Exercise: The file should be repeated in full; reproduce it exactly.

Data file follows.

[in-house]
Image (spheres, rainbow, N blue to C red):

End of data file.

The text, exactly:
[in-house]
Image (spheres, rainbow, N blue to C red):